A Southern Sudanese intellectual group affiliated with Sudan People’s Liberation Movement claims that Kuku people are one ethnic community among sixty ethnic groups. The Kuku belongs to Eastern Nilotes that engage in agriculture, in the early A.D 500. In the early 1300s, the Kuku group of people migrated eastward to ancient Meroe until they arrived in the modern-day Eritrea. The group travelled south to southwestern Ethiopia until they reached Lake Turkana (Poggo 173). The Kuku people crossed the White Nile to enter the Kajo – Kaji. The initial wave of the Kuku absorbed the inhabitants of the area and has unique norms and cultural values. For example, some of the marriage rituals of the Kuku and traditional dances borrow the Madi people. In the early 19th century, most of the Kuku crisscrossed the land as the population increased to secure lands to cultivate while others settle near rivers to benefit from fish for their nourishment (Poggo 173). Prior to the introduction of knowledge in the use of metal tools among the Kuku people in the ancient period, the people used pointed sticks called paya that were slightly weaker than iron. The toll had multipurpose appliances in cultivation, fishing, hunting, and used as a weapon (Abusabib 94). Agricultural practices were in small-scale as the community used small portions of the land.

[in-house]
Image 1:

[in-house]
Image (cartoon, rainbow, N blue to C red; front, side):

Recent research from oral history explains that Kuku community revealed the intrigues of working with iron to derive blacksmiths in the culture of the people. All the blacksmiths in the Northeast and the Great Lakes Region of Africa were similar in that they had a predominant place in the society. Kuku blacksmiths had a dual position in the society since the inauguration of blacksmith activity in 1790s (Poggo 174). The blacksmiths made an enormous contribution to the ancient Kuku people. The manifest of implements made includes wukit, hoes, and v-shaped tool to cultivate. Other items include weapons such as knives, machetes, axes, spears, arrows and tools for constructing canoes. The Kuku blacksmiths unlike the Sierra Leone and the Mande blacksmiths went into specializations in their different skills to artists such as smelters, canoe-makers, workers of iron, and hunters and gatherers. The ancient Kuku iron blacksmith specialized in iron working (Abusabib 95). The individual consisted of a male person with technical skills that the mainstream people did not possess. A tumunit refers to a male individual with specialized skill in iron blacksmith. Kuku elders living in the ancient times held that the Kuku god Sagu issued the knowledge of iron smelting on certain individuals. The iron blacksmith has the ability of mining iron ore, smelting, and forging farm implements and other tools. Kuku men developed special skills to kill wild animals such as hippopotamus, elephant, and rhinoceros. The animal blacksmiths had bravery in carrying out hunting of the wild animals. They could dig large ditches to trail the frequently traveled animals. An animal would fall in the ditch with grass covers to trap the animal. Another technique included waiting for an animal while clinging on a branch, then striking an animal to kill it. A ligo was an expert hunter that had technical skills in designing snares and nets to trap wild animals.